How do land use conflicts escalate? Unveiling the causal mechanisms in a conflict over a biogas plant


  • Meike Fienitz Leibniz Centre for Agricultural Landscape Research
  • Rosemarie Siebert Leibniz Centre for Agricultural Landscape Research


land use conflict, conflict dynamics, escalation, agonistic conflict, process tracing




Land use conflict research has long focussed on attempting to avoid or solve conflicts. However, more recently, agonistic views of conflict have found their way into the research field, with scholars emphasizing the inevitability of conflicts, as well as their positive functions (i.e., Harrison and Loring 2020, Wolf 2021). Rather than avoiding conflict per se, research has begun to focus on the question how conflicts can be managed to achieve productive outcomes. As a result, the dynamics of land use conflicts are recently receiving increasing interest in scholarly debate (i.e., Gualini 2015, Sahide et al. 2021). However, thus far, research has focussed on the causes of different conflict dynamics. In the present paper, we argue that additionally, knowledge of the processes by which certain conditions lead to escalation is important for improved theorization of land use conflicts’ dynamics and allows us to identify options for more targeted interventions. Therefore, the objective of this paper is to analyse not why, but how land use conflicts escalate. To achieve this, we perform process tracing on an in-depth case study of an escalated land use conflict concerning the expansion of a biogas plant in an urban-rural fringe region in Brandenburg, Germany. We analyse material obtained through document analysis, a field visit, and semi-structured, episodic interviews with all involved actors, applying qualitative text analysis. We thus identify a chain of five causal mechanisms that connect the conditions resources, adverse structures, and emotional opposition with the outcome escalation: A lack of dialogue during the early phase of the conflict leads to a lack of understanding between the conflict parties, as a result, central actors are unable to imagine a compromise, which renders them unwilling to compromise, which finally confounds with them perceiving other options as more attractive than collaboration to lead to escalation. Our results confirm, but also specify the causal relevance of previously identified conditions for escalation in land use conflicts. Moreover, our findings reveal several options for policy-makers and planners to create conditions that foster agonistic conflicts and for involved actors to achieve collaborative dynamics instead of escalation. Most importantly, the early phase of a conflict emerged as key for interventions, with achieving a dialogue from the very beginning as the main leverage to thwart the escalation process. Providing access to mediation and making negotiation more attractive in comparison to litigation emerged as further options. Beyond the specific case, we therefore formulate options how policy-makers, planners, and conflict actors can achieve agonistic arenas for the negotiation of divergent land use interests.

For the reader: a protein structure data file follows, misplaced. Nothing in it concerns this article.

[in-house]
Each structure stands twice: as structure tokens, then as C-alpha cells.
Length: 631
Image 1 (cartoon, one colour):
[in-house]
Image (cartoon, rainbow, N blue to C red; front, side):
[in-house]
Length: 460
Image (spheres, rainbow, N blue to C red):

Gualini, E. (ed.) (2015) Planning and Conflict. 0 ed. Routledge.

Harrison, H.L., and Loring, P.A. (2020) ‘Seeing beneath Disputes: A Transdisciplinary Framework for Diagnosing Complex Conservation Conflicts’. Biological Conservation 248 (August), 108670.

Sahide, M.A.K., Sirimorok, N., Batiran, K., Fisher, M., Verheijen, B., Sulu, M.N., Faturachmat, F., Supratman, S., and Maryudi, A. (2021) ‘Actor-Center Framing on Measuring Land Use Conflict Visibility’. MethodsX 8, 101450.

Wolf, E. (2021) ‘Dismissing the “Vocal Minority”: How Policy Conflict Escalates When Policymakers Label Resisting Citizens’. Policy Studies Journal 49 (2), 640–63.